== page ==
EXPO Milano 2015
A Guide to the Pavilions, part 2
Article for arcspace.com
With the theme ‘Feeding the Planet, Energy for Life’ the EXPO 2015 Milan focuses on sustainable agriculture. In a three-part series, we present a selection of the most remarkable self-built national pavilions, the clusters and thematic areas, and of the non-official participants, corporate and partner pavilions.
For six months Milan will become the platform for the exchange of ideas and shared solutions on the theme of food, stimulating each country’s creativity and promoting innovation for a sustainable future, giving everyone the opportunity to find out about and taste the world’s dishes, while discovering the best of the agri-food and gastronomy traditions of each of the exhibitor countries.
According to the Commissioner Giuseppe Sala the Expo Milano 2015 aspires to be the beginning of something different from the past Universal Exhibitions. In the Media Guide Book he explains: “In Milan the countries will not measure up to one another based on an abstract comparison of their levels of progress. This time, they will not only be comparing what has been done, instead the real focus will be on what the experience of each country can offer with a view to creating a future for our Planet, and the degree of intensity with which they can do so.”
For the first time in the history of the Universal Exhibitions, the host country is not represented solely by one building, although Palazzo Italia is still the largest of all the countries’ pavilions, but instead extends along the 350 m. of the Cardo axis, covering the whole area from Lake Arena (on the north side) and the piazza Italia (the intersection between Decumano and Cardo). The main building tells the story of the ‘Nursery Garden of Italy’, a concept developed by Artistic Director Marco Balich and interpreted architecturally by Nemesi & Partners as an urban forest. The route along the Cardo is conceptually organized in four parts and is overall a representation of a model Italian village, alternating between recessed areas, little piazzas, terraces and buildings. In honor of the European Union, the organizers have given an independent pavilion to the EU opposite the Italian Pavilion.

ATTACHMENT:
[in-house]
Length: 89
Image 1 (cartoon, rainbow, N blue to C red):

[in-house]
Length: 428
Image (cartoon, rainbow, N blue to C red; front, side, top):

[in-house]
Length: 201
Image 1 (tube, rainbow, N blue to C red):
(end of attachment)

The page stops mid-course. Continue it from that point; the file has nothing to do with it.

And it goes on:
In each of the three features we present a selection of the self-built national pavilions, of the clusters and thematic areas, and of the non-official participants, corporate and partner pavilions. The visit took place between the 5th and 14th of May.
Nine internationally-renowned photographers will share their vision of the Cluster themes in collaboration with Magnum/Constrasto. Their exhibitions will guide the public in learning the ways that various crops and human labour feed the planet. The photographers and the areas they will address are: Sebastiano Salgado (Coffee), Irene Kung (Fruits and Legumes), Gianni Berengo Gardin (Rice), Joel Meyerowitz (Cereals and Tubers), Martin Parr (Cocoa and Chocolate), Alessandra Sanguinetti (Islands, Sea and Food), Ferdinando Scianna (Mediterraneum), George Steinmetz (Arid Zones), and Alex Webb (Spices).
Some of the events that have been organized in Milan either specifically for the Expo or to coincide as parallel exhibitions are: Cirque du Soleil’s Allavita! Show, La Scala Theater, Leonardo 1452-1519, Kitchens & Invaders Exhibit and Arts & Foods Rituals since 1851 Exhibit at the Triennale, Wheatfield art installation, Foundation Prada museum opening, Armani Silo museum opening.
Some of the countries have stated they will dismantle, relocate and reuse the pavilions. It’s likely some of the exhibition structures will be incorporated into the existing Fiera trade fair grounds and used in the future, while others could be used for performances and events after the Expo is finished. What will happen next to the Expo site is too early to tell, with proposals ranging from building a new stadium, to a scientific campus for the State University of Milan, to an innovation hub for tech startups.
Prof. Pantelis Skayannis, Dean of the School of Engineering at the University of Thessaly Greece, along with architecture students from the department of Planning and Regional Development visited the Expo to study and research the impact it will have on the city of Milan.